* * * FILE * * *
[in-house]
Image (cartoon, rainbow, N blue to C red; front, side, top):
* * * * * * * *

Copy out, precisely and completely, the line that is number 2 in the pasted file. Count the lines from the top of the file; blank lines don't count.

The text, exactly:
Image (cartoon, rainbow, N blue to C red; front, side, top):